*Working in partnership with major retailers and the Energy Saving Trust voluntary schemes will be introduced in the retail sector to encourage the purchase of more energy efficient consumer electronics. Better product design will also be encouraged to tackle problems such as excessive energy use during “stand by” mode in computers, televisions chargers, lighting and other products. These smaller appliances emit 1MtC a year when on standby, costing each household around £25 a year.

* Continued support for the activities of the Energy Saving Trust, the Carbon Trust and the Climate Change Communications Initiative to raise awareness about climate change and the action individuals can take to help tackle it.

DEFRA adds ‘The Government is committed to leading by example in the way it manages sustainably its land and buildings. New strategic, stretching and outcome focused targets will be published later this summer for the sustainable management of the Government Estate. Targets will be introduced for climate change and energy’.

Building sector: A package of measures also being introduced in the building, household, public and local government sectors include:

  • * A new planning policy statement setting out how the Government expects participants in the planning process to work towards the reduction of emissions in the location, siting and design of new development with the creation of exemplar sustainable settlements in growth areas starting at Northstowe in Cambridgeshire with 10,000 new homes built to very high environmental standards with quality local services to promote sustainable living.
  • * Updated Building Regulations (which came into force in April) to further raise the energy standards of new and refurbished buildings and help to improve compliance. Taking into account the changes in 2002 and 2005, there will be a 40% improvement in energy efficiency standards for new buildings and the opportunity for householders moving into new homes to see a similar cut in the size of their fuel bills, saving 0.4Mt carbon (1.3Mt CO2).
  • *The introduction of a Code for Sustainable Homes which presents the opportunity to achieve higher standards for energy and water efficiency and will provide clear information and advice for house purchasers and tenants on the sustainability of the homes they are proposing to buy or rent.
  • *The introduction of Energy Performance Certificates for all buildings when they are constructed, sold or rented out to provide clear information on energy efficiency and advice on improvements.
  • *Consideration of how to ensure that the local government performance framework will include an appropriate focus on action on climate change, sufficient to incentivise more authorities to reach the levels of the best.
  • * Setting up a new revolving loan fund of £20m for the public sector, to invest in energy efficiency and new £4m local government best practice support programme, to be launched in 2006-7, to proactively benchmark the performance of local authorities on climate change and sustainable energy and target those who need the most help to raise their performance.
  • *A review of measures to improve the sustainability of existing buildings to identify the role of possible further incentives, voluntary initiatives and regulations will be completed later this summer.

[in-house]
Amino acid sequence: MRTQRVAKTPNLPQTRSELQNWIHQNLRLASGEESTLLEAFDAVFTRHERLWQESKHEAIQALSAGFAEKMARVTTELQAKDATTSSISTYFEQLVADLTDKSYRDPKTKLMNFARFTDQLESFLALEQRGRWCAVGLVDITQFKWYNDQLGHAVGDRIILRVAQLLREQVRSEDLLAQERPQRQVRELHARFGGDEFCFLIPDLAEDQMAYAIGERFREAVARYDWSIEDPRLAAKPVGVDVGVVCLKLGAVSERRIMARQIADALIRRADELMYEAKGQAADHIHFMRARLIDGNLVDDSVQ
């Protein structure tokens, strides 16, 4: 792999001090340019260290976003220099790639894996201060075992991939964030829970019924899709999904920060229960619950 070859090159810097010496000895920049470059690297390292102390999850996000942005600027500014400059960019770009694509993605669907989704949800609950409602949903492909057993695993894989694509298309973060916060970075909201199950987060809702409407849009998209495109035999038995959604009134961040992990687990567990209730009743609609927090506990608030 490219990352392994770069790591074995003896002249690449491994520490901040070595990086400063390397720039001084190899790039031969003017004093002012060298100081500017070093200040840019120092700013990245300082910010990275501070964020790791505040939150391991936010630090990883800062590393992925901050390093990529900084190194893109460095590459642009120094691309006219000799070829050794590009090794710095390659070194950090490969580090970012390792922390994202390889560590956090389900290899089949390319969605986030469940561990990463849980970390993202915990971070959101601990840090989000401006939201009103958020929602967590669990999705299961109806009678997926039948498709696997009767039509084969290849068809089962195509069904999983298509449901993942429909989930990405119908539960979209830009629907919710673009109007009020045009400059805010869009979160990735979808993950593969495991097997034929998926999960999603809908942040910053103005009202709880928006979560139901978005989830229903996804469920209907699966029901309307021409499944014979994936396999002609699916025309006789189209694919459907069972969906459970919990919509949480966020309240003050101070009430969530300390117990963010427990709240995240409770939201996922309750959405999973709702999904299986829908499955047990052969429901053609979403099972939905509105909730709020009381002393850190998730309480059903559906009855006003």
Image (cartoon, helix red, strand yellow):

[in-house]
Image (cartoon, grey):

• * Continued action to upgrade the energy efficiency of social and rented homes and those in fuel poverty through the Warm Front and Decent Homes programmes. New advice to stimulate the early replacement of inefficient boilers by those meeting tough standards in building regulations.

Transport: 5% of transport fuel sold in the UK will have to come from renewable sources by 2010 and this will save 1.6Mt carbon (6MT CO2). The Chancellors further changes to the Vehicle Excise Duty and Company Car Tax should ‘give consumers and businesses an even stronger signal to buy low carbon cars’. From April 1 a major cross-Government programme will offset all aviation emissions from official air travel, providing support for a range of overseas projects, developed through the Kyoto Protocol’s Clean Development Mechanism. This will offset some 0.5Mt of CO2 over the next three years.

Biomass: The Government will introduce a support scheme for biomass heat in the industrial, commercial and community sectors, worth between £10-15m in England over the next two years, saving 0.1Mt carbon in 2010 (0.4Mt CO2).

See: www.defra.gov.uk/environment/climatechange/uk/ukccp/index.htm

Budget

In his Budget in March, Gordon Brown allocated a welcome £50m more to the new Low Carbon Building programme for microgeneration projects; £20m for energy efficiency, plus £5m for a pilot study of Smart Meters.The Climate Change Levy will also now be index linked to annual inflation. And the level of the Renewable Transport Fuel Obligation has been confirmed as 2.5% in 2008/9, 3.75% in 2009/10 & 5% in 2010/11. The biofuel duty incentive of 20p per litre will run until at least 2008-9. The RTFO buy-out price will be 15ppl in 2008-9, i.e. 35ppl in all, falling to 30p in 2010-11. See p.27

NIET

In his March Budget Brown also said that the new UK Energy Research Partnership (see Groups in Renew 161) ) will seek £1bn funding for a new National Institute for Energy Technologies.

.Micopower Boost

The Budgets’ allocation of an extra £50m for micropower projects (see earlier), should make it easier for families, schools, hospitals and other public buildings to adopt micro-wind and solar PV and micro-CHP.

Energy minister, Malcolm Wicks, told The Independent (26/3): ‘The time has come to really push this to enable individual citizens to take action on global warming’, and hopefully householders will be able to go ahead without planning permission. And Wicks said he would oblige the electricity companies to buy any surplus power they produced and he expected electricity companies to pay a good price for it- and he will investigate if they do not.

Alan Johnson from the DTI said that the £50m boost for microgeneration programme and £5m to pilot smart metering also announced in the Budget ‘will help bring about the long-term shift that is needed in our relationship with the energy we use in our homes and workplaces’. DEFRA added that ‘£50m will be invested over two years to fund 25,000 microgeneration installations in public buildings, such as schools and hospitals’.